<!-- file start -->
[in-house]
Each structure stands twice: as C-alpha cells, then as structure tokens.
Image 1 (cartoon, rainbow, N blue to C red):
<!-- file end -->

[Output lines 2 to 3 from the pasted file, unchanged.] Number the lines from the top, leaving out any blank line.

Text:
Each structure stands twice: as C-alpha cells, then as structure tokens.
Image 1 (cartoon, rainbow, N blue to C red):